by David Lasky
David Lasky, Three Short Poem Comics, 2021–22. Pencil, ink, and watercolor on paper, 11 x 4.5 inches
In comics, where the images do at least as much of the writing as the words do, what happens when the images are abstract? There is still a lot being said, but it is more about feeling, mood, rhythm—perhaps more in the realm of poetry than prose. After many years exploring comics that function like prose, I’m interested in seeing where they can go as poetry and beyond.
In these three short poem comics, I explore line art and pattern as a form of writing. In the first two, I have written haiku poems and converted them into comics by placing the words into panels. The images are the kind of patterned doodles I’ve drawn all my life (often while talking on the phone). In recent years, I noticed that this form of doodling has been one of the constant artistic practices in my life, and yet is the one I have taken the least seriously. Placing these patterns of lines inside comics panels is a way for me to try to perhaps understand what is going on in my subconscious mind. The third poem comic abandons the verbal and jumps into a sequence of swirling patterned lines and colors, leaving it up to you, the reader/viewer, to decide what is being communicated.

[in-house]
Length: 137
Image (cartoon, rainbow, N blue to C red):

Seattle writer-artist David Lasky co-authored the graphic novel Carter Family: Don’t Forget This Song, which won comics’ Eisner Award in 2013. His goal as a graphic novelist has been to push the boundaries of the medium. He regularly explores new possibilities in informational comics, abstract comics, and poetry comics. Sometimes his comics are even comical. He has been a graphic novel instructor for more than fifteen years, and has focused primarily on teaching haiku comics for the past two years.